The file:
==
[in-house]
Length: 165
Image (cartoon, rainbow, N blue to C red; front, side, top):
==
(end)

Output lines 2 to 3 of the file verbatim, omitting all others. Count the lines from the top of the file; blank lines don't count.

Length: 165
Image (cartoon, rainbow, N blue to C red; front, side, top):